Is your supercomputer stumped? There may be a quantum solution

Some math problems are so complicated that they can bog down even the world's most powerful supercomputers. But a wild new frontier in computing that applies the rules of the quantum realm offers a different approach.

Radioactive tadpoles reveal contamination clues

Tadpoles can be used to measure the amount of radiocesium, a radioactive material, in aquatic environments, according to new research from University of Georgia scientists.

Researchers image atomic structure of important immune regulator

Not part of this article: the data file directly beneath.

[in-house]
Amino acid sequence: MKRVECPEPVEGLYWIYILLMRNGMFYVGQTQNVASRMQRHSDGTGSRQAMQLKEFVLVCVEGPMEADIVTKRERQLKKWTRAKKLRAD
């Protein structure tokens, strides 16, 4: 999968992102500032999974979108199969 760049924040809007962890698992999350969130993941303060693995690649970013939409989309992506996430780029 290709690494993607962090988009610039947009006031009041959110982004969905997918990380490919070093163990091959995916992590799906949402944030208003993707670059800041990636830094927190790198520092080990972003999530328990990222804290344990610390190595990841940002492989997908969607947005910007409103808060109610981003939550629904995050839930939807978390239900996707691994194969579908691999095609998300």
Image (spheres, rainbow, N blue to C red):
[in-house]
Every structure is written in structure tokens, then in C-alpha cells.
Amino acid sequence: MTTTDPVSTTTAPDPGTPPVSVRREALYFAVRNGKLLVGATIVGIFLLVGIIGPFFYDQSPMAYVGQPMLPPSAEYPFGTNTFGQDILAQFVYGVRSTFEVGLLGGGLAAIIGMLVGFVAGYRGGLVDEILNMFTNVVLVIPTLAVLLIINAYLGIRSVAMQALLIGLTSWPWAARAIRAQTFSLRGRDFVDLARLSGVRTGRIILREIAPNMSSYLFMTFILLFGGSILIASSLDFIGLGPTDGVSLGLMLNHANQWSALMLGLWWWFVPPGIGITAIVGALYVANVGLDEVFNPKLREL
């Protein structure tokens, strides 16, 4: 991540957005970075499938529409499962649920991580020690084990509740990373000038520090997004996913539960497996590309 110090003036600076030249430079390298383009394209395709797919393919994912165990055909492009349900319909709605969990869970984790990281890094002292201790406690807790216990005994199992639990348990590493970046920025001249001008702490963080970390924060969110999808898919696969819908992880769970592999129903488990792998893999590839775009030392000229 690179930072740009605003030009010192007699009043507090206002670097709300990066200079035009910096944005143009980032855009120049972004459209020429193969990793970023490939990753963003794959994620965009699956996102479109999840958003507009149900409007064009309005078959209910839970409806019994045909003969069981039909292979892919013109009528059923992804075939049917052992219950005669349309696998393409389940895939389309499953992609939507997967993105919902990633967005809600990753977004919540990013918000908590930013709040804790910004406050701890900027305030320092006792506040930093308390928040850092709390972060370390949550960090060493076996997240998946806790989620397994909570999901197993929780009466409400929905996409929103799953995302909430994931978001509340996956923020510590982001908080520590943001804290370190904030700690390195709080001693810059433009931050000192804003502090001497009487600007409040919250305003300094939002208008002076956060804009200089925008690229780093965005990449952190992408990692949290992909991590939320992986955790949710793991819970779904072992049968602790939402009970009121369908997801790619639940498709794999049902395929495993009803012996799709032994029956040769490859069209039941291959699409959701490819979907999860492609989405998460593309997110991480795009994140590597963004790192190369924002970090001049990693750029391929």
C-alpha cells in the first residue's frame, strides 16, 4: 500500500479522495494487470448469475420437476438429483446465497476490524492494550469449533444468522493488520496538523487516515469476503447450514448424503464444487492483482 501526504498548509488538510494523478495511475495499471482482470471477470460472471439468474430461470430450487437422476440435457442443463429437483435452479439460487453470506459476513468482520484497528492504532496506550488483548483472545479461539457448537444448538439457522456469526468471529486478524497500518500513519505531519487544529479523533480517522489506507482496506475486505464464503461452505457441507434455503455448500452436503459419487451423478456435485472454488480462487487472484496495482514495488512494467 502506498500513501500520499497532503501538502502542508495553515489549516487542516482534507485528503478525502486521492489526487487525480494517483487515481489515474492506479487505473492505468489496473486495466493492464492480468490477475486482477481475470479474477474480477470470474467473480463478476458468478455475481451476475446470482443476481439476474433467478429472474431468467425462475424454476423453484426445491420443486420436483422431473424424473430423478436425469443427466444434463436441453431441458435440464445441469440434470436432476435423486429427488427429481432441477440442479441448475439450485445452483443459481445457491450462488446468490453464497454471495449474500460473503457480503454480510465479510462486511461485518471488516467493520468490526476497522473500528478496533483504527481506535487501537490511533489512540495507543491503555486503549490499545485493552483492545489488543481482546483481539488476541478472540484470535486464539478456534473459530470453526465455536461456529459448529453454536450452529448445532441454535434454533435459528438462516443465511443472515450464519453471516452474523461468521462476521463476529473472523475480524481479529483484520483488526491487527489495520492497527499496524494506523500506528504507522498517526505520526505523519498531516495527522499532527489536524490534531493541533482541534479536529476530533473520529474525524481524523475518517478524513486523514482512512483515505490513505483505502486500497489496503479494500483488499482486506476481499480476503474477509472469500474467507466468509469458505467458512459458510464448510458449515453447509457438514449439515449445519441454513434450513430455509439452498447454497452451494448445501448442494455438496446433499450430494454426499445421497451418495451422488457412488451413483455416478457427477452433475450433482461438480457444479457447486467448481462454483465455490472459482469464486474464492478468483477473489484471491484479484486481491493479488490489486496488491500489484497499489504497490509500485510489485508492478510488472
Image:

A new study by investigators from Brigham and Women's Hospital provides a biophysical and structural assessment of a critical immune regulating protein called human T-cell immunoglobulin and mucin domain containing protein-3 ...

The argument from cyberspace for eliminating nuclear weapons

At the height of the Cold War in 1982, American psychiatrist Robert Jay Lifton argued that the "central existential fact of the nuclear age is vulnerability." That warning predated the proliferation of computers into almost ...

Searching through noise for pros and cons

Structured decision-making support: The research project "ArgumenText" in the field of Ubiquitous Knowledge Processing has found a way to filter concrete pro and con arguments on any topic from amongst the noise of the internet.

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